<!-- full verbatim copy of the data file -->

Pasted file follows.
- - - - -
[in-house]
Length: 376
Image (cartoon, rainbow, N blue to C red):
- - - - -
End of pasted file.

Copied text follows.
[in-house]
Length: 376
Image (cartoon, rainbow, N blue to C red):